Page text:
12. Color: The natural pearl colors feature various shades of white, gold and black, with creamy shades of white being the most common. Overtones, a translucent color that lies over the main body color of the pearl, and orient, iridescent colors in the pearl, give pearls interesting and unique hues.

  13. Shape: Spherical pearls are the most sought-after for pearl bracelets and pearl necklaces. Pearls, however, come in many shapes, including drop, button, oval and flat, also known as coin. All these shapes are great for pearl rings, pearl earrings and non-jewelry decorations. Shape depends on the oyster, its health, the temperature and chemistry of the water and other factors. Pearl farmers stack the odds by placing round nuclei into their oysters.

  14. Luster: This is the way light travels through the pearl and reflects back to the eye. Because pearls are round, the layers act like mirrors, making pearls appear to glow from within. The luster grade depends on the sharpness of the reflected images.

  15. Surface quality: Like diamonds, few pearls are perfect; blemishes on a pearl can be spots, pits or scratches. The highest-quality pearls have very few blemishes.

  16. Nacre quality: This is the mother-of-pearl layers that form the pearl. The thicker and more even the layers of mother of pearl, the higher the quality.

  17. Matching: his is important when considering a group of pearls for a pearl necklace, bracelet or jewelry set. Consistency in color and size of the pearls creates a more beautiful appearance for jewelry and increases the value.

  18. Pearl grades: Pearls are graded on the factors listed above. Consider this grading system when choosing pearls and pearl jewelry. Please note that there are variances in the grades. For example, a pearl can have a shape other than round and still have an AAA grade.

  19. AAA: Pearls have a high luster and graceful shape. They are precisely matched in size, color and overtone relevant to the piece. The pearls can have minute differences that are barely visible for most people.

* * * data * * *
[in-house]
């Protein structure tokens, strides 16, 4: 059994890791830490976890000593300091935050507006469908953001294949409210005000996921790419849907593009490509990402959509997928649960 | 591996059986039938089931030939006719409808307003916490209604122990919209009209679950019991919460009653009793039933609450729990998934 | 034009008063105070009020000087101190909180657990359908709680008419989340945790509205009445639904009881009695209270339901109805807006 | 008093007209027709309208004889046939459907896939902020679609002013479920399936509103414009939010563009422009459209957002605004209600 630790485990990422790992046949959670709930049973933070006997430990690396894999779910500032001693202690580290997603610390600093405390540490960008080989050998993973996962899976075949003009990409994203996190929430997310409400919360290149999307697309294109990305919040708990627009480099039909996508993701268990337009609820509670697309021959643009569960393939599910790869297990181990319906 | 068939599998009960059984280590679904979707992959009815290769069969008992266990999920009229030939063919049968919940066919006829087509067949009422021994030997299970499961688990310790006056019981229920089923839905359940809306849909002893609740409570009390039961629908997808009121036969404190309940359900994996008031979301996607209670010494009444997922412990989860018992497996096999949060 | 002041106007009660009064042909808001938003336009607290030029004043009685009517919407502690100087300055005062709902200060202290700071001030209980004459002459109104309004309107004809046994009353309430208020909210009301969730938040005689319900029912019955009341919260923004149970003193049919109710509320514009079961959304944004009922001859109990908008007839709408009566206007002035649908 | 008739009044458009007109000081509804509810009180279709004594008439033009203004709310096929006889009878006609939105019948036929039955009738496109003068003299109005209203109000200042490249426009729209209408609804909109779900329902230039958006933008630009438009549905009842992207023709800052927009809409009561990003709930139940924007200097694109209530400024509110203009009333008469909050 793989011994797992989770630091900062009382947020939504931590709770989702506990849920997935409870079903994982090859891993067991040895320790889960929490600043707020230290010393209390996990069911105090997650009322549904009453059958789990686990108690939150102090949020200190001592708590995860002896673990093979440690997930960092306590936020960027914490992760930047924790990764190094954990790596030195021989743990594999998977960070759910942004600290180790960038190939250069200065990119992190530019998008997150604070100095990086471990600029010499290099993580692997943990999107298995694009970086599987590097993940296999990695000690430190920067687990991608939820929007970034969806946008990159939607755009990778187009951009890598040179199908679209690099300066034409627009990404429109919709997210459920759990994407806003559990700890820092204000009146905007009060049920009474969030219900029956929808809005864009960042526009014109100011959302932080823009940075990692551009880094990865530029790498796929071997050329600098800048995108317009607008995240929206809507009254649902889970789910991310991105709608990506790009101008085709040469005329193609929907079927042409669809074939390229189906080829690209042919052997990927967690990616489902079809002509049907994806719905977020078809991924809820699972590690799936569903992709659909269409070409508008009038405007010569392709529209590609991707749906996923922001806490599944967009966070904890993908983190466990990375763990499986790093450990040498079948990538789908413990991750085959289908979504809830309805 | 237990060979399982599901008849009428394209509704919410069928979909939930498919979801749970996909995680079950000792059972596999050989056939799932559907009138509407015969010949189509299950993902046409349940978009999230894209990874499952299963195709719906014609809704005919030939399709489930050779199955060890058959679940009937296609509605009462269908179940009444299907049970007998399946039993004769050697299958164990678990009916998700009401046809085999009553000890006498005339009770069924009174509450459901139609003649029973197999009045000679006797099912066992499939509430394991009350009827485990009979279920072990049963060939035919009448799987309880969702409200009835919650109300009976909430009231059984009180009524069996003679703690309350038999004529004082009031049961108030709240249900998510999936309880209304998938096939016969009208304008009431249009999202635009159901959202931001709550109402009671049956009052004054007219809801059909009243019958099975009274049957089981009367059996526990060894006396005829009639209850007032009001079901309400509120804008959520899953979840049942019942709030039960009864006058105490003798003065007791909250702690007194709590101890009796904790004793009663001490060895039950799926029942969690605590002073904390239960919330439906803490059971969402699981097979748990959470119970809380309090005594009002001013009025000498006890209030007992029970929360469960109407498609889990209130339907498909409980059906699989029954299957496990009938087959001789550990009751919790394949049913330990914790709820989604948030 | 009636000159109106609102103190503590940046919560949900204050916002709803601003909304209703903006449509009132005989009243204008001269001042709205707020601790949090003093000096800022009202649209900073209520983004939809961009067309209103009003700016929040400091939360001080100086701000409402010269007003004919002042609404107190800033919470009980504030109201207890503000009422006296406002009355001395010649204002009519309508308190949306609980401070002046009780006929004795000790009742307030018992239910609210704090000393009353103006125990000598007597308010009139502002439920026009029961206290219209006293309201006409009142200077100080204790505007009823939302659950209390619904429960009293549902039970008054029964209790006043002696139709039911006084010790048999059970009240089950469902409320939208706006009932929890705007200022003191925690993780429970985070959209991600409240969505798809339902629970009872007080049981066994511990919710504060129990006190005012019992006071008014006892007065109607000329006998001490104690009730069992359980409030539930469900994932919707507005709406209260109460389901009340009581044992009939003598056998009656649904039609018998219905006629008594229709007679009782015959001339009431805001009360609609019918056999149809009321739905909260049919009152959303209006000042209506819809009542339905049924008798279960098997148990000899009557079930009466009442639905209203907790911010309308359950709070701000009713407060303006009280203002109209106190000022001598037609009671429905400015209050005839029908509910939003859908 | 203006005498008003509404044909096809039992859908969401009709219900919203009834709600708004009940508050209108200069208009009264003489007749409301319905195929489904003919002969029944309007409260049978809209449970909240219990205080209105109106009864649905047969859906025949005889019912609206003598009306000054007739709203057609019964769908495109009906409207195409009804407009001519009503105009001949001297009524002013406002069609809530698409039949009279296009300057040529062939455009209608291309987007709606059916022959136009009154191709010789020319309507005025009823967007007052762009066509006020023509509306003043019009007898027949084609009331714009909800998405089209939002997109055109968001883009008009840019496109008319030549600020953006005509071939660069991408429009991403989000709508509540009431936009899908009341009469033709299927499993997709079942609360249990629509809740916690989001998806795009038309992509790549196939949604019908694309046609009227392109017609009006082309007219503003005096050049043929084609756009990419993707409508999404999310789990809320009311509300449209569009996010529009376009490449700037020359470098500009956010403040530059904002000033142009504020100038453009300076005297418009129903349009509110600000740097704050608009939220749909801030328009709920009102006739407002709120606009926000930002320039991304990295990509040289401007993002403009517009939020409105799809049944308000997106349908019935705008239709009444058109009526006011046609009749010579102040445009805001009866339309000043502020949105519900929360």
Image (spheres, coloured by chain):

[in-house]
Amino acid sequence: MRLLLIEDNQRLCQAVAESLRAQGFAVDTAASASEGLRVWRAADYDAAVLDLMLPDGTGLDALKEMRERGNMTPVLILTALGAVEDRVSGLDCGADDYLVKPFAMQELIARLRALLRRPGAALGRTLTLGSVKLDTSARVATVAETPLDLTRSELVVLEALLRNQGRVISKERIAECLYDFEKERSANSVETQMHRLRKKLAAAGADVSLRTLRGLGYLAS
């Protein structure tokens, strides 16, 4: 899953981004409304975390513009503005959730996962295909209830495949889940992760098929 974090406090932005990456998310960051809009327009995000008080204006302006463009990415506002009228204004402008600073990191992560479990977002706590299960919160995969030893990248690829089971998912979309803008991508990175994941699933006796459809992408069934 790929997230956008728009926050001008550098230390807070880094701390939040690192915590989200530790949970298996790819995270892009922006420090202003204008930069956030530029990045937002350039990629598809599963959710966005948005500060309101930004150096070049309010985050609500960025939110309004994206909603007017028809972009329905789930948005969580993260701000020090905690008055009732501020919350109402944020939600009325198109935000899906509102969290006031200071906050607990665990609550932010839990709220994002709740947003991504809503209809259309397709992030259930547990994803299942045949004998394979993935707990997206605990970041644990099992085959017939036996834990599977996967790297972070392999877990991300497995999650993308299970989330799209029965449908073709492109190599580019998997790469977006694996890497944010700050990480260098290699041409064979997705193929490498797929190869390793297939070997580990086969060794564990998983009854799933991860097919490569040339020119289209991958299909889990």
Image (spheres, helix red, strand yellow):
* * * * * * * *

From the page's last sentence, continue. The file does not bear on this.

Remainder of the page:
20. AA: Pearls have a nice shape and a medium to high luster. These have good uniformity in size, color and overtone. Pearls can have slight blemishes on the surface that are noticed only when looking closely at the pearl.

  21. A: Pearls have an even shape and a low to medium luster. These are nearly uniform in size, color and overtone. Pearls may have blemishes and/or wrinkles on the surface.

  22. B: Pearls have uneven shapes and a low to poor luster. The size, color and overtone may vary within each strand. Pearls may have blemishes and wrinkles on the surface.

  23. Costume pearls: There have always been people who wanted pearls but could never afford authentic gems. From the Roman Empire through the reign of Queen Elizabeth I, whose passion for pearls created the artificial pearls industry in England, to the 21st century, ingenuity has supplied what nature could not. Man-made pearls are called faux, artificial, imitations, manufactured, created or simulated. Man-made pearls have no value as gems, even though modern technology gives these fakes a realistic appearance at vastly lower cost. Pearls made of plastic or glass can add a lot of style to an outfit, just be sure you are paying for faux pearls.

  24. Caring for pearls: Keeping your pearl jewelry in pristine condition requires a few preventive measures. Pearls are vulnerable to damage by the chemicals in cosmetics and hair products, so put on pearl rings and other jewelry last when you are getting dressed. Wipe them with a slightly damp, lint-free cloth after every wearing. Wrap the pearls in a soft cloth and place them in a box or jewelry compartment set aside just for pearls. When needed, clean pearls with water mixed with a few drops of mild dish soap, but don't soak the jewelry. Wipe the pearl jewelry with a soft cloth dipped in the solution, rinse the cloth in fresh water and wipe the pearls again. Then dry the pearls. Avoid cleaning pearls in an ultrasonic jewelry cleaner as the process is too rough for the delicate gems.